MOSCOW (Reuters) - It is no coincidence the first videos that captured the images of a meteorite breaking apart over central Russia on Friday were shot from drivers’ dashboard cameras.
The small video cameras, fixed to the dashboard or rear view mirror of a car to film oncoming traffic and the road ahead, are immensely popular in Russia because of motorists’ fears about the corruption, violence and insurance fraud schemes that can make driving in the country a nightmare.
“It’s the little thing that can prove the truth,” said Dmitry Isaev, 35, a Moscow motorist with a dashboard camera in his car. “There are so many conflicts on the road, and it’s often the one thing that can prove your point to the police.”
Dashboard camera footage appeared remarkably quickly on the Internet and television on Friday showing the meteorite hurtling through the sky and exploding over central Russia.
Footage shot on the cameras is already an Internet staple although usually showing feats such as motorists driving half-wrecked cars, running other automobiles off the road or, in one case, threatening other drivers with an axe.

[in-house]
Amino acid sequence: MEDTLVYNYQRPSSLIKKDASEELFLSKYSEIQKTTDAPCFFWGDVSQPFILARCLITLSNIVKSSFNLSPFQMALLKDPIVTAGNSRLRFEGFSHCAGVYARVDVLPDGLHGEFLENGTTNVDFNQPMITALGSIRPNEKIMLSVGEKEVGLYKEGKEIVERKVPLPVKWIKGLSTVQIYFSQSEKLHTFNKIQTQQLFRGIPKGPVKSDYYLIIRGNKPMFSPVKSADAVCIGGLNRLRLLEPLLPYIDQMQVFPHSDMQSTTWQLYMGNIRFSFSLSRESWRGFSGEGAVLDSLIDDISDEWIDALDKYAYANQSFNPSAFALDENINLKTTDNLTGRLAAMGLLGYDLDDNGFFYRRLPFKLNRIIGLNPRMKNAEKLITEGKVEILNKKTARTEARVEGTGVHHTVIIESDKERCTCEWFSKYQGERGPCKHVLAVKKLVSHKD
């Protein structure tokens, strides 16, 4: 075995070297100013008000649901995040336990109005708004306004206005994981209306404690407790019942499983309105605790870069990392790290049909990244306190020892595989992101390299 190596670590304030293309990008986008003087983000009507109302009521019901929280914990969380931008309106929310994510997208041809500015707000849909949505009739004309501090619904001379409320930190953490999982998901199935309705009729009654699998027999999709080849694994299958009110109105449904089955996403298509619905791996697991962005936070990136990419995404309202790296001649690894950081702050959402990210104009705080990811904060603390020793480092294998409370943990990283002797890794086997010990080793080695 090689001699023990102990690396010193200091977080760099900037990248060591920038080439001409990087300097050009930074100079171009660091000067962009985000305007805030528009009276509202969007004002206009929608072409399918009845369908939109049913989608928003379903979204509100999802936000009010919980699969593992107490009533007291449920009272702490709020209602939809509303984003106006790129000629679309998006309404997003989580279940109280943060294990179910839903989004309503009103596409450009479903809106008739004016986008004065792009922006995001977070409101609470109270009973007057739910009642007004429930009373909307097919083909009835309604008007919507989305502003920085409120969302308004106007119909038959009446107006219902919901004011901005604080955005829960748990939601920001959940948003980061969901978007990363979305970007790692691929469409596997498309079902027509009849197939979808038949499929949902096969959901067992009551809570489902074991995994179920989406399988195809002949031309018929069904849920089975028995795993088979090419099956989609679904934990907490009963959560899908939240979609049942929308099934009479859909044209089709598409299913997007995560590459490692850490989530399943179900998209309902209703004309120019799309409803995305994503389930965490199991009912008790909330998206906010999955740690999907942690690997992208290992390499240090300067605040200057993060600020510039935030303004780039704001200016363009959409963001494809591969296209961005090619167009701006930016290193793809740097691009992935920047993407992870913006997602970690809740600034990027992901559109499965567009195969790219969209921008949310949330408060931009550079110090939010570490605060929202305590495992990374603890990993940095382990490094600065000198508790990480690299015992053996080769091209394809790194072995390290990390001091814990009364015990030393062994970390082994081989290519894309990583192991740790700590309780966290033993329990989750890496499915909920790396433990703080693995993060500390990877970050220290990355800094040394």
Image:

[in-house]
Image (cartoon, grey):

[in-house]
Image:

One video that spread across the Internet last year was a five-minute montage that showed bypassers throwing themselves against cars on purpose in what it said were attempts to collect money through insurance. here
“Policemen tell people that if they want their case to stand up, it’s best to get a dashboard camera,” said Isaev.
Dashboard cameras have also produced the first images of other dramatic incidents, including a Russian airliner sliding off the runway in late December and smashing onto a highway near Moscow, killing five people.
Russian roads have a bad reputation. According to Trafficsafe, a British-based road safety organisation, 28,000 people were killed in traffic accidents in Russia in 2012.
It said 13,000 accidents were caused by drink driving.
The popularity of dashboard cameras may also be connected with popular tales of corruption among Russian traffic police, regularly cited by independent pollster Levada as one of the least trusted institutions in the country.
Most Russian motorists can say how big a bribe they would expect to pay to escape punishment for traffic violations - from not wearing a seat belt, to running a red light.
Russia was ranked 133rd place in the world for corruption in 2012 by Transparency International, on a par with Honduras and Guyana. (Reporting by Thomas Grove; Editing by Jon Hemming)